5 Things Corporate America Taught Me About Motherhood

04/01/2015 11:08 am ET | Updated Jun 01, 2015
JGI/Jamie Grill via Getty Images

I've hit a bit of a rough patch lately.

Yesterday, I was attempting to rush my kids out the door to pick up the car from the mechanic before they closed. My kindergartner, who had planned on spending the afternoon watching "Winx Club," began stomping around in defiance. Joining in the drama was my toddler, who stood before me with a fistful of Play-Doh in one hand and my checkbook in the other -- and, of course, no pants.

It was one of those moments where I just wanted to crawl into bed and emerge 18 years later. Was I really going to survive these early years? Was I strong enough to withstand the madness?

And then I pulled myself together with a thought: I'd had a pretty good stint in Corporate America before having kids. I had survived crazy bosses, hysterical authors, Darwinian struggles for the last bagel at sales conference -- without once barricading myself in tears in the bathroom. If I could survive that, I could certainly manage two small humans whose life ambition was to acquire ice cream. In fact, I could use my corporate experience to get a handle on this motherhood thing. Here are five lessons in parenting, straight out of the boardroom.

1. Toddlers are like that crazy boss in need of constant attention. You know, the one who wants everything instantly. Who barely articulates his needs, because clearly, you can read his mind. Who continually changes his demands and then throws a fit when you don't deliver. How do you deal with an overly demanding, possibly unstable manager? Experts have plenty of strategies, but my way is simple: Smile, pretend you're listening -- and remind yourself that Happy Hour is just a staff meeting (or bedtime) away.

2. Co-workers are key to keeping your sanity. At the office, you have fellow workers with whom you commiserate about your insane boss, or that client who somehow got your home number and has been harassing your spouse about your work ethic. In parenting, you have fellow moms, who completely get why you canceled your cable service to avoid yet another episode of Thomas and Friends. So schedule a play date, pour some coffee and enjoy a little fellow-mom therapy. And hope the kids don't break anything important.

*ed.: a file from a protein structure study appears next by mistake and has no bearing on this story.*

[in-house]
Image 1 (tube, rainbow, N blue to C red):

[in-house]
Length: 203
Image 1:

3. School break is like a never-ending staff meeting. You know how it goes: you enter the Monday morning meeting full of enthusiasm and ideas you can't wait to share. Forty minutes into the meeting, you're binge drinking coffee and hoping no one notices you drifting off in your chair. School breaks are similar. You start out with grand ambitions: trips to the museum, family-cooked gourmet meals. A few days in, and you're eating Goldfish for breakfast and watching Anna beg to build a snowman for the hundredth time. But, just like with meetings, suddenly there's that moment -- of humor, of camaraderie, of pure inspiration. Miss it at your own risk.

4. Social media is... hold that thought, I have to check Facebook. Whether at work or with the kids, social media is the ultimate distraction. And just like I was never able to convince my boss that checking a friend's relationship status was "research," my kids aren't convinced I'm doing anything important either. And they're right.

5. Never let them see you sweat (in fact, don't sweat -- you don't have time to shower). At work, everyone around you needs to believe you have it covered. You need to inspire confidence, or else you'll be ignored, overlooked or put in charge of organizing the holiday lunch. In parenting, the same rules apply. Even if you're not feeling like you have your act together, you need to fake it -- or else you'll end up hiding under the table while the kids have a "snowball fight" with last night's leftover meatballs. Stand tall, speak firmly, and hope no one notices your shirt's on backwards. You meant to do that.

This post originally appeared on the blog Mommy A to Z. Follow Mommy A to Z on Facebook and Twitter.

Also on HuffPost:

7 Things You Didn't Know About Toddlers